China CPI Rises

April 9th, 2012
in econ_news

Econintersect:  China’s National Bureau of Statistics announced this morning (9 April 2012) that the March CPI (Consumer Price Inflation) was 3.6% China-flagyear-over-year.  This was up sharply from the February number, 3.2%.  The biggest impact came from rising food prices which were up 7.5% from a year ago.  This also was a large change from February when food inflation was 6.2%.  While the uptick in consumer inflation may raise some concerns, this increase is mitigated by PPI (Producer Price Index) which is deflating, down 0.3% year-over-year in March.

Follow up:

The value of the PPI has dropped back to December, 2009 levels, meaning that there has been zero PPI inflation over the past 27 months.

Here is an excerpt from the Shanghai Daily report:

"The inflation rebound is stronger than expected," said Li Maoyu, an analyst at Changjiang Securities Co. "Such a rate may invite policymakers to be more cautious of any moves to stimulate the economy."

Li said recent signals of consumer goods experiencing a new round of price increases triggered inflationary expectations again.

Last month, China raised the retail prices for gasoline and diesel by a larger-than-expected margin, and planned to introduce a graduated power tariff system. Afterwards, there were reports of higher prices of milk powder, cooking oil, fast food and shampoo, while producers cited more expensive raw materials and labor costs for their price jumps.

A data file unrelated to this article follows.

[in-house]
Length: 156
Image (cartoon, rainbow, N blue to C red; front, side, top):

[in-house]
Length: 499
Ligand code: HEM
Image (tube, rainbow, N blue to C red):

Cheng Siwei, a renowned economist and former vice chairman of China's top legislature, said last week in Shanghai that the country should remain alert to inflation because speculative money tended to flow into the real goods market and bolster consumer prices when both housing and stock markets were weak.

Some other analysts were optimistic.

Lian Ping, chief economist at Bank of Communications, said inflation was still controllable and the country requires more measures to boost growth.

"Despite a rebound, it was the second month for the inflation rate to fall below the government target of 4 percent," Lian said. "Considering the economic growth which may ease further, the country should cut the reserve requirement ratio at least once to stimulate the economy
."

All eyes now are pointed toward Friday when the first results will be announced for first quarter GDP, which is expected to come in at 8.5%, down from 8.9% for the final number for 4Q/2011.

John Lounsbury

Sources:









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